One article, dated 108 years ago today, details a gala reception held by the Twelfth Night Club (the women's answer to The Players) in honor of actress Sarah Bernhardt, scheduled for 3 till 6pm the previous day:
...elaborate preparations were made...There were many decorations, flowers, and a prettily set tea table...[but] for a long time the divine Sarah did not appear....It was after 5 o'clock and only the very hungriest of the guests had ventured to take a cup of tea, when a genuine message came: 'Tell the ladies to wait. I am on the way.'The article immediately below it was just as interesting. Under the headline, "Divorce for Robert Graves: Court Order Gives Wall Paper Manufacturer Custody of His Child," we learn:
...and suddenly there was a flutter of black and white, a whisk like the passing of a breeze...It was Sarah herself, picturesque in her big black hat, her black chinchilla-edged coat thrown back, from a beautiful gown of white, with roses and orchids on her breast, looking young [ha! she was 63 with a bum knee], animated, and altogether charming. The club gave her an ovation....while Bernhardt beamed ecstatically. "I zank you wis all my heart," she said.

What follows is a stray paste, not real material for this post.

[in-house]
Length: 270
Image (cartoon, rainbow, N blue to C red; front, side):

The domestic troubles which led to the divorce began when Mrs. [Charlotte De Grasse] Graves met J. Hamilton Jaffray, Jr., of Yonkers. He called frequently on the Graves home, at Irvington, until warned to keep away.Here's the odd thing: I went to high school in Irvington, and had a friend there who lived in Jaffray Park. I wonder whether J. Hamilton moved there with the ex-Mrs. Graves; or maybe he was a frequent caller in Irvington because he had family close by.
Mr. Graves sold the Irvington property and came to New York City to live. His wife still met Mr. Jaffray, and the divorce proceedings followed....Mr. Jaffray proclaimed his willingness to marry Mrs. Graves should the Court set her free from her husband; declaring that she was a woman of whom any man might feel proud.